‘What do new mothers do all day?’

by Anne Rust


A new mother looked at me recently during a conversation we were having about sleep deprivation during the beginning of baby’s life.

As a postpartum advisor and doula, I talk to a lot of new mamas.

But I hear all the time from women in the midst of transition to motherhood who are struggling to get their little ones to sleep and to respond to the demands of infant life.

This mama looked at me in desperation and asked, “So do you just not get anything done then??”

Mamas, I want to tell you the truth.

And here it is: You will not get anything done when you are home with a baby.

And anyone who told you otherwise is not being very forthcoming (or perhaps they just have a lousy memory).

You might get yourself fed.

You might get yourself dressed (then again, you might not).

You might take a walk (it makes baby happy).

You might have a short phone conversation or start a load of laundry, neither of which you will finish.

This is your new mom normal.

So what are you doing all day?

Not much that can be measured, really.

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Four Reasons Why You Shouldn’t Ignore or Punish Toddler Tantrums

by Sarah Ockwell-Smith Parenting Author


Popular parenting wisdom advises dealing with toddler tantrums in one of two ways. Ignore the ‘attention seeking behaviour’ and reward the toddler when they are good, or discipline the toddler by punishing them through exclusion. The naughty step and time out are commonplace in millions of homes around the world. Do they really work though? Child psychology and neuroscience says otherwise. Here are four reasons why you may want to reconsider your response the next time your toddler has a tantrum.

1. Toddlers can’t help tantruming.
Toddlers tantrum for one simple reason, their brains are not like adults. The immature connections in their brain don’t afford them the same emotion control as us. Our sophisticated brains allow us to control our impulses, act in a way that we know to be socially acceptable and calm our emotions before we become violent or out of control. Toddlers physically can’t do this. When they tantrum they are not being naughty or manipulative, they’re just being toddlers struggling with big feelings, poor communication skills and even poorer emotion regulation skills. To us it may seem ridiculous to tantrum over the colour of a cup or the shape sandwiches are cut into, but to a toddler these things are as important as paying our rent or our mortgage is to us. Just because it’s not ‘big stuff’ to us, it doesn’t mean it isn’t to the toddler.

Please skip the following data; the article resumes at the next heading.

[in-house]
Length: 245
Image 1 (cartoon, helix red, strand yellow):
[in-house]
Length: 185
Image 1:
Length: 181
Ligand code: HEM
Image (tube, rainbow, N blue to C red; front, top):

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The Complex Lives of Babies

Complex Babies


The idea that new babies are empty vessels waiting to be filled with knowledge of the world around them doesn’t sound unreasonable. With their unfocused eyes and wrinkly skin, tiny humans sometimes look more like amoebas than complex beings.

Yet scientists have built a body of evidence, particularly over the last three decades, that suggests this is patently untrue. “When kids are born, they’re already little scientists exploring the world,” said the filmmaker Estela Renner via a video conference from Brazil before a recent screening of her new documentary The Beginning of Life (streaming on Netflix) at the World Bank in Washington, D.C.

That’s something Renner, a Brazilian mother of three, discovered as she spoke with early-childhood experts and parents in nine countries around the world about the impact a child’s environment in the first few years of life has on not only her physical development, but her cognitive, social, and emotional development, too. “I didn’t know that kids were not blank slates,” she said. “It changed the way I look at babies.” If more people recognized that fact, the way communities and policymakers think about and invest in the early years of life might be different.

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10 Things to Say Instead of ‘Stop Crying’


10 Things to Say Instead of 'Stop Crying'

As a parent, you deal with a LOT of feelings on a daily basis. Right? And sometimes, it can all get to be just a little bit much! When you’ve had what seems like hours of multiple people crying at you, the temptation to make it stop is high!

We’ve all said it, or at least thought it. ‘Stop crying! Just stop!’

Or maybe you heard it as a child?

“Don’t be silly”

“Shh, everyone is looking at you”

“Stop that noise, right now!”

“Stop crying or I’ll give you something to cry about!”

But what if I told you that every time you dismiss or minimise your child’s feelings, you actually make your job harder. You very rarely succeed at making them stop anyway, and it’s more likely that they will need more support from you in the future rather than less. If you don’t hear the message they are trying to send you, the messenger just gets louder and louder until you do. Children are looking for empathy and understanding. If they don’t get it, they’ll keep trying.